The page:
5 ways that people data confounds us - Analytics in HR

5 ways that people data confounds us

Recently I was interviewed on a podcast, and I was asked how someone with a Pure Mathematics background could have gotten involved in a ‘grubby business’...

Recently I was interviewed on a podcast, and I was asked how someone with a Pure Mathematics background could have gotten involved in a ‘grubby business’ like People Analytics.

Of course the interviewer was asking in jest, and what he was aiming to illustrate by his question was that there is very little ‘purity’ involved when you are analyzing people. A person is the most complex thing on this planet – biologically and psychologically – and that is why I love what I do. Statistics and mathematics are powerful tools, but they are constantly challenged when people data is involved.

Here are a few ways that people data constantly confounds us:

1. Accuracy and Reliability

The vast majority of people-related data in organizations is collected through processes that are slaves to judgment, compliance, circumstance and environment, all of which are laced with bias and error. Our medical analytics colleagues can rely on the scientific accuracy of a test for ketones in urine or leukocytes in blood, but we need to rely on Amira’s test score on a day when she was very distracted, or Joe’s performance rating when his supervisor was in a bad mood.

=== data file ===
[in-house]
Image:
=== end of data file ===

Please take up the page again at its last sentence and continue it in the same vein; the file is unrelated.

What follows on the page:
2. Discrimination

Particularly in employment contexts, many of the measures that People Analytics professionals deal with are not useful mathematical differentiators. Performance metrics have a tendency to ‘glorify the average’, often with as few as 10% of people falling into the extremes. Attitudinal measure generally creep to the right, so that even an ‘above average’ rating can be considered a cause for drastic action.

Oh how I long for a nice neat bell curve!

3. Range restriction

Even if I did get my nice neat bell curve, range restriction is the constant scourge of the Psychometrician. I have spent my entire career taking input measures on people for whom only a very small proportion will get to the point where I can get an output measure.

Recently I drew a ‘progression funnel’ for someone I was advising, describing how 100% of people might make a job application to their organization, but as they progress through the various stages of screening, interviewing, joining, being promoted, etc, that number reduces to ridiculously small levels such as 0.5%. I explained my general ‘common sense’ rule of ‘never try to correlate/validate more than one step ahead’. They told me that their leaders wanted to validate 5 steps ahead. Good luck with that!

 

Click here to continue reading Keith McNulty’s article.


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